Thursday, December 14, 2017
     

Traditional Knowledge

Traditional Knowledge constitutes the ancient knowledge of humanity, the deepest layer onto which our science and culture developed, the local techniques that made it possible to manage and create ecosystems and cultural landscapes on the planet. 

It originated from resource shortage in pre-industrial societies where a strong social cohesion and environmental integration were main features. Traditional Knowledge represents techniques with low energy dispersal and resource consumption that adapt to variability and are flexible in responding to environmental emergencies and catastrophes.

Extraordinarily tenacious cultures managed to use locally available materials and renewable resources. 

They exploited solar energy and the principles of Nature: thermal insulation to protect themselves from heat and cold; hydrodynamics to collect and distribute water; biology principles to combine and re-use the elements that are needed to create humus and cultivable soil. 

They managed to control the strength of the wind, use the law of gravity and exploit the faintest sign of humidity to start interactive autocatalytic phenomena and broaden positive dynamic processes.

Today the world’s ecological balance system is in danger: Traditional Knowledge shows how to intervene without disrupting the environment and how to enhance its potential without exhausting the resources.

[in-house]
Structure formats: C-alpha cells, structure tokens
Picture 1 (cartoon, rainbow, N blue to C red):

It is the bearer of the technologies disseminated on the territory that developed using everyday life materials and objects. It is constituted by fragile elements that are subject to today’s transformations but form strong and ingenious systems to produce energy, recycle resources, regulate the microclimate and manage the land that is still exploited in most of the planet.

 This Knowledge is in danger and its disappearance would not only mean a loss of artistic and natural heritage but also of an extraordinary reservoir of knowledge and cultural differences from which appropriate innovative solutions can be derived.

 

Using Traditional Knowledge does not mean directly reapplying technologies belonging to the past, but understanding the reasoning underlying this model of knowledge. During time this has made it possible for societies to manage ecosystems, to create technologies, artistic and architectural works universally accepted but also to renew themselves and adapt to changes. Traditional Knowledge is a dynamic system capable of incorporating innovation that has been examined in the long run and at local and environmental sustainability levels.